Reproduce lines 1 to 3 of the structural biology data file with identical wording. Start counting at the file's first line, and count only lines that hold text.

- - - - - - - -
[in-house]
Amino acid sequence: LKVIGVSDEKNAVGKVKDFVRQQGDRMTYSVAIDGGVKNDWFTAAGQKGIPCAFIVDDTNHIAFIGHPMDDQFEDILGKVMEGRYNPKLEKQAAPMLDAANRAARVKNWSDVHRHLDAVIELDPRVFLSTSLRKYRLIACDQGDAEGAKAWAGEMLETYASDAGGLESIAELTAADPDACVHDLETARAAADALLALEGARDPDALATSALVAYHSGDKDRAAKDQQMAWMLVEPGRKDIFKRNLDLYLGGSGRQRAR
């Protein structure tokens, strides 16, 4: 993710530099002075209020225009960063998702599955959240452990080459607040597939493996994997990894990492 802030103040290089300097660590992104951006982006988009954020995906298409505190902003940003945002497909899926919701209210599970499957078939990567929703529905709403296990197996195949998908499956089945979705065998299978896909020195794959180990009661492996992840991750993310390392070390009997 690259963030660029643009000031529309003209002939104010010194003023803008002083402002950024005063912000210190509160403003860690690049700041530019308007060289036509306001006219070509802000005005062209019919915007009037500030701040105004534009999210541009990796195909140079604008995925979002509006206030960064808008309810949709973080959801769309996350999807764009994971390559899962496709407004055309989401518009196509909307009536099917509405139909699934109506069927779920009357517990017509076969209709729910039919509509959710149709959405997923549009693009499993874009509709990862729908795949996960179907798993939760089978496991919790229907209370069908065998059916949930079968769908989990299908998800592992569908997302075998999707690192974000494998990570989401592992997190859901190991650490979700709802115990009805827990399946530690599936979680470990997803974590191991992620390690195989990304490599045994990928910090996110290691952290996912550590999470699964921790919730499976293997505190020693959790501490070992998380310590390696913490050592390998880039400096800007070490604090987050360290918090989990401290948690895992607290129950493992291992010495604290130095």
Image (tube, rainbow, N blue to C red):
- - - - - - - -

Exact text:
[in-house]
Amino acid sequence: LKVIGVSDEKNAVGKVKDFVRQQGDRMTYSVAIDGGVKNDWFTAAGQKGIPCAFIVDDTNHIAFIGHPMDDQFEDILGKVMEGRYNPKLEKQAAPMLDAANRAARVKNWSDVHRHLDAVIELDPRVFLSTSLRKYRLIACDQGDAEGAKAWAGEMLETYASDAGGLESIAELTAADPDACVHDLETARAAADALLALEGARDPDALATSALVAYHSGDKDRAAKDQQMAWMLVEPGRKDIFKRNLDLYLGGSGRQRAR
């Protein structure tokens, strides 16, 4: 993710530099002075209020225009960063998702599955959240452990080459607040597939493996994997990894990492 802030103040290089300097660590992104951006982006988009954020995906298409505190902003940003945002497909899926919701209210599970499957078939990567929703529905709403296990197996195949998908499956089945979705065998299978896909020195794959180990009661492996992840991750993310390392070390009997 690259963030660029643009000031529309003209002939104010010194003023803008002083402002950024005063912000210190509160403003860690690049700041530019308007060289036509306001006219070509802000005005062209019919915007009037500030701040105004534009999210541009990796195909140079604008995925979002509006206030960064808008309810949709973080959801769309996350999807764009994971390559899962496709407004055309989401518009196509909307009536099917509405139909699934109506069927779920009357517990017509076969209709729910039919509509959710149709959405997923549009693009499993874009509709990862729908795949996960179907798993939760089978496991919790229907209370069908065998059916949930079968769908989990299908998800592992569908997302075998999707690192974000494998990570989401592992997190859901190991650490979700709802115990009805827990399946530690599936979680470990997803974590191991992620390690195989990304490599045994990928910090996110290691952290996912550590999470699964921790919730499976293997505190020693959790501490070992998380310590390696913490050592390998880039400096800007070490604090987050360290918090989990401290948690895992607290129950493992291992010495604290130095």